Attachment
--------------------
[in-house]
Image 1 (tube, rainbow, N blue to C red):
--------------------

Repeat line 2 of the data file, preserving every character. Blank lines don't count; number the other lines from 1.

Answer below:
Image 1 (tube, rainbow, N blue to C red):